We have 4-6 families. Our group has just organically stayed at this size. We usually have about a dozen kids which makes us compact enough to go places easily as a group. 

We are a learning coop as opposed to a play co op, although there is a lot of play in our meetings
We meet once a week. Wednesdays have always been a good day. We have met in the morning, afternoon and for a while all day. It changes each year as our kids and our meeting places change.
I think this is important to realize. The group will most likely change as the years go on, and sometimes in dramatic ways. That is ok! We have had people come and go in graceful and contentious ways. Recognizing and appreciating the organic nature of the group has been helpful.

learning about arches by some local arches
We use monthly themes. A month seems to be a perfect amount of time to study an idea in depth and we find ourselves incorporating and circling back to content as other areas bump up against its boundaries.

Last year, we emphasized science and it was really successful so this year we are continuing. We used to do more cultural or historical themes but realized that we all study culture easily on our own (based on our interests, travels, books we are reading etc). We decided that science is particularly fun to study together and experiments are MUCH funner. In addition, our kids are all fascinated and knowledgeable about science and we have a great resource in that 2 of the moms in our group have scientific backgrounds.  Each semester we do a month of physical science (engineering and building things), a month of biology (bodies and dissections), a month chemistry (blowing things up) and another area based on interest and local events (astronomy, electricity etc.).

The parents meet every month or so to discuss what is working, what needs to be adjusted and what is coming up. We each take a week to lead but all the weeks are organized together. Each person creates an event for their day in our FB group and then adds links and information to share. 

I love this approach because the women involved are smart and have a varied backgrounds. They all bring something unique to each subject.

We strive to learn about subjects in creative and interdisciplinary ways. Even though we might be learning about the chemistry of the stars, we will also read what poets have to say about the stars and we will write our own constellation myths and listen to heavy metal songs that reference astrology. The planning meetings are where we really plumb the creative depths of how to explore a topic.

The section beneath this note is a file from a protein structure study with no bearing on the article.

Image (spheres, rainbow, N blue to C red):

Families study the subject in what ever way makes sense to them through out the month. They might read picture books, watch documentaries, do projects, write etc. The session leader will let families know if there is something in particular they should study, watch or prepare for before the meeting. 

Past investigations have included prehistoric times, bridges, stars, navigation, brains, the periodic table, colonial American culture, molecules, the planets, and more. I would love to talk more about these (as well as your) awesome themes in the FB group.
We have also been a part of many auxiliary groups over the years. These have allowed us to meet new friends and study particular subjects with a focus. They include: scouts, church groups, Roots and Shoots, writing groups, book clubs, and mighty girls camp. We also have organized one time events to gather our people like pop up picnics, art nights, and cooking classes.


Think about your tribe.

Is it where you want it to be?

Do you need to create something new?

What works well with your group?

Monday, September 12, 2016

{the radical art of homeschooling} uncommon resources

When we leave the classroom and get into the world, learning opportunities abound. After a while, it is like you put on special glasses and begin to see everything as vibrant and rich for discussion. My graduate work was in American Studies and I feel like that interdisciplinary approach to history and culture prepared me for homeschooling. In my course work, we could read American culture through nearly any lens. Ice cream, snow, housekeeping magazines, tourism...any subject that we were interested in could be explored and placed into the context of the world in which it existed. I even lectured on Paint By Numbers in post WWII America. 

Taking that idea, that anything and everything is full of information and inspiration, the world becomes a book to be read or a treasure box to explore. I see my job as keeping my eyes and mind open to all around me AND filling our lives with resources that can be mined for meaning. We can go so far past a boxed lesson plan and plug into the curriculum of the world around us. 

Here are some of our favorite resources. These are the things that have sparked the most conversation and ideas: 

Audio books - Homeschoolers are on the road a lot, so audio books are a wonderful resource to embrace. We have listened to the Kane Chronicles and deepened our interest and knowledge in Egyptian History. The Star Wars radio drama taught us how radio shows work which led to discussions of early entertainment. We recently listened to The Story of the World which is offering a beautiful, conceptual time line of the history of civilization. And we all sat riveted and horrified as we listened to the War that Saved My Life.